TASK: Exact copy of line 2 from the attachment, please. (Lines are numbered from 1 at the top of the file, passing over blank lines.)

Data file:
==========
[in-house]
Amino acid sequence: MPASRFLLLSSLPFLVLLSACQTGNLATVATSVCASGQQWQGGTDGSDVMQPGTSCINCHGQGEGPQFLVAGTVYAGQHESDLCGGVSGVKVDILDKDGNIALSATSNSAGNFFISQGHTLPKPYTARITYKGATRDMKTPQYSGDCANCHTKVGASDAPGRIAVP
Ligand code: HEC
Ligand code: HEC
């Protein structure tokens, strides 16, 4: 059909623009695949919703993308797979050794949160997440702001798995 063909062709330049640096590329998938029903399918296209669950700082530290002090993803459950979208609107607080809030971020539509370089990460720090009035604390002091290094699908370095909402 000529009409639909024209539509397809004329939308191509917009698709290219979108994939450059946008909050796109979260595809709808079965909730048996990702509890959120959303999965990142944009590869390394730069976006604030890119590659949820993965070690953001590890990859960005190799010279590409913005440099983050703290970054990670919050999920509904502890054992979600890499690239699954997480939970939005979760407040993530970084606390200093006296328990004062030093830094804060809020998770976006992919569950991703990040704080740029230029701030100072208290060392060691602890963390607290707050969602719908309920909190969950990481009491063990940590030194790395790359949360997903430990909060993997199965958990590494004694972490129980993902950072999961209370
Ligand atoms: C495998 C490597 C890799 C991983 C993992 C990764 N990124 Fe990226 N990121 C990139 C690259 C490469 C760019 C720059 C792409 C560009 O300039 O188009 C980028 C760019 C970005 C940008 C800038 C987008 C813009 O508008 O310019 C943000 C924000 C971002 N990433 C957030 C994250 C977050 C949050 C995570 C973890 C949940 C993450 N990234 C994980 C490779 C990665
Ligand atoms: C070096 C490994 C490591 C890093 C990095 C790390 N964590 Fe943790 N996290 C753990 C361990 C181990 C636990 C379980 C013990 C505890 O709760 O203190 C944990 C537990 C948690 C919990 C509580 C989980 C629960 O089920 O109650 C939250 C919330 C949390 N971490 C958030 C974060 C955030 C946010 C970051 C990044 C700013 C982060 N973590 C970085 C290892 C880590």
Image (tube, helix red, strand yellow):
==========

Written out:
Amino acid sequence: MPASRFLLLSSLPFLVLLSACQTGNLATVATSVCASGQQWQGGTDGSDVMQPGTSCINCHGQGEGPQFLVAGTVYAGQHESDLCGGVSGVKVDILDKDGNIALSATSNSAGNFFISQGHTLPKPYTARITYKGATRDMKTPQYSGDCANCHTKVGASDAPGRIAVP